What’s more, the lender might take a larger sum than agreed, perhaps the whole of the outstanding debt not just the instalment that’s due.
So it makes sense for the borrower who realises they are in financial trouble and doesn’t want to make it worse, to cancel the CPA with the lender. They can then come to some more manageable arrangement to pay back what they owe, without causing other problems.
But CPAs are hard to cancel. Banks have been saying it isn’t up to them to cancel them – that must be done by the lender. And anyway, the lender sometimes sets them up again, even after they’ve been cancelled.
It sounds outrageous, and it is. The Financial Conduct Authority has told banks to cancel CPAs when they are told to by the customer. That’s good, especially since banks should now refund any money taken after the cancellation.
But it is still a difficult area and one that everyone should know about. It’s also worth knowing that other organisations, such as gyms, use CPAs to collect money. The Money Advice Service explains more about payday loans, and sets out alternative borrowing options. They also produce the painful-looking graphic above, which is a good visual reminder of the perils of payday loans.
Could you get together a group of young people interested in devising and running a money management project? If you can persuade an adult from some learning organisation to sponsor your idea, register your interest in the Money for Life project.
Assuming that the project runs as it has in previous years, applications will be invited from September to November. Successful projects – over 250 last year – will receive £500 to turn their plan into a reality.
This year’s winners Bouncing Babies, pictured, ran a support group for young mothers on money management from their college in Lisburn, County Antrim. This and all project reports are showcased for inspiration.
Or watch the promo video:
Here’s a piece I wrote for the On the Money blog for Children and Young People Now magazine. I’m hoping to hear a range of experiences – so feel free to get in touch.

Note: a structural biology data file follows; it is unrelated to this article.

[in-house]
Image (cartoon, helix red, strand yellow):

Do you know a young person who has trouble spending money? Laugh at the idea, by all means. After all, the miser has been a figure of fun since classical Rome. But while financial education generally focuses on the perils of overspending and irresponsible shopping, there’s a seldom-discussed problem at the other end of the spectrum. That’s underspending and financial hoarding.
I was introduced to it many years ago when an adviser at a young people’s debt project told me about a young man who’d put his life on hold after an early experience with debt. He’d lost any sense of proportion about what money was for. All he had was a determination to part with as little of it as possible.
Continue reading Underspending and financial hoarding
How do you get national media to take notice of your school National Record of Achievement ceremony? Tower Hamlets students seem to have cracked it. You just turn up in a Ferrari. Or a Lamborghini or a Bentley or whatever flash car you can hire or borrow.
The Evening Standard, the Guardian and countless more websites and newspapers are showing pictures of enterprising 16 year olds whose prom-style leavers-do has grown more and more elaborate in recent years.
As 16-year-old Foyzur Rahman told the Standard: “It’s showing off, basically. Playing music, going from area to area to area.” He said he paid £400 with a friend to rent an Audi S4 for several days.
Great discussion topic. Worth remembering that research suggests you get more for your money if you buy experiences rather than stuff.
Students doing summer jobs used to be able to sign a form P38(S) and have their earnings paid without deduction of tax. Not any more. In April, PAYE started operating in real time. Standard PAYE now applies to all students. More will need to claim back tax at the end of the year.
There’s a useful summary in Guardian Money explaining what those with a vacation job should do. The gist of the advice, which actually applies to everyone in work whatever their age or circumstance, is:
- Get yourself a tax code. Understand what it means and why it is what it is.
- Check your payslip and coding notices and make sure they match and that you agree with them.
- If you have overpaid tax, claim it back.
The article is clear and understandable. It is largely based on work by the excellent Low Incomes Tax Reform Group.
One thing worth adding is that there is a benefit to overpaying tax while you are working at a summer job. It means you get a neat lump sum sometime in the future when it could be most welcome. So don’t necessarily think of it as an annoyance, more as a convenient way to save.